Saffron’s remarkable range of health benefits, plus cultivating the spice from corm to jar.
THE HAPPY SPICE
Saffron boasts an impressive number of health benefits that continue to emerge today. Pure saffron contains more than 150 volatile compounds, including essential vitamins and minerals such as vitamin C, beta carotene, manganese, and potassium. However, it is the high levels of antioxidants in saffron that make it a natural anti-inflammatory, according to modern research. Additionally, clinical studies suggest that saffron may improve mood and sexual health, leading some to refer to it as the "happy spice."
From start to finish
Planting the Corms
The saffron corm is planted in late August or early September. By early October the first green shoots appear. By late October the blossoms appear. First year corms produce 0-1 blossoms, but each year the saffron corm multiplies underground—producing daughter corms that will produce their own blossoms. After three years the daughter corms are large enough to be dug up and replanted as new mother corms. The original mother corm with produce for 5-7 years until exhausting its blossom output. Although bees love saffron, the saffron does not need pollination—it is entirely dependent on humans for reproduction.
Vermont turns out to be an excellent regions to grow saffron due the high organic matter content in the rich valley soil. In colder regions such as Italy, Vermont, and mountainous Afghanistan it sleeps dormant under the snow in winter, remains dormant in summer, and sprouts again in the fall.
Early morning blossoms
The delicate saffron crocus blossoms are harvested early in the morning during late autumn harvest season. The entire flower is picked off the stalk and collected in baskets. Each flower continues 3 bright red pistils that are then removed from the stamens and petals.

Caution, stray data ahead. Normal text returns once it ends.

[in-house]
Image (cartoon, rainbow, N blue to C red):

Saffron is the world's most expensive spice because it is immune to automation and so labor intensive to harvest. It takes 70,000-75,000 crocus flowers to produce a pound of dried saffron. Fortunately a little goes a long way. Saffron is incredibly potent when applied to a dish or beverage, or used as a natural dye.
Color and Aroma
Drying saffron is the most secretive part of the saffron grower’s process. In warm, arid regions like India, saffron was historically sun dried. In the colder regions like Italy, it was placed near the coals of a wood-fire. Today most commercial operations use large dehydrators or ovens.
Drying saffron creates a chemical reaction that brings out the beneficial compounds of Safranal (responsible for aroma), Crocin (responsible for color), and Picrocrocin (responsible for taste). The temperature and duration of drying determines the trade-offs of these chemical compounds. Commercial saffron is typically dried for long duration at low temperature resulting in strong aroma but dull red color.
At Lemonfair, we opt for shorter, higher heat that results in milder aroma but richer Crocin content, giving our saffron its rich, bright color.